Four men accused of smashing windows and splashing paint on the Chinese chancery in January to protest the forthcoming visit of Chinese Vice Premier Teng Hsiao-ping were found guilty yesterday in federal court of destruction of a foreign government's property.

Judge June Green sentenced three of the men -- James J. Nelson, Curtis J. Mohn and Mark W. Jackson -- to two years probation. The fourth, Jim E Loudermilk, was given a three-month suspended sentence and three years probation. Loudermilk also was found guilty of possession of an unregistered gun.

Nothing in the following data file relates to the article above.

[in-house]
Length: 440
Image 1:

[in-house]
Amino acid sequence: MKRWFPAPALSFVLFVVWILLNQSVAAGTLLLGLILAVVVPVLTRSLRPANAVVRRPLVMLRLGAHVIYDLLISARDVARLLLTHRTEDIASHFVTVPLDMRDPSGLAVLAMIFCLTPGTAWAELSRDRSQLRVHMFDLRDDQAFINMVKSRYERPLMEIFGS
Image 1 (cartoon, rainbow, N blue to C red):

Green ordered all four men, who are members of the Revolutionary Communist Party, to pay the chancery a total of $815 in restitution.

The men are supporters of the late Chinese Communist Party chairman Mao Tse-tung. Lead fishing weights were thrown through the windows of the chancery at 2300 Connecticut Ave. NW and paint was splashed across the front of the building several days before the visit of the Chinese vice premier.

In June, Judge Green accepted the defendants' guilty pleas to the lesser charge of harassing the Chinese chancery, but reversed her decision as a result of objections by U.S. Attorney Earl J. Silbert. Silbert said the men should stand trial on a more serious charge.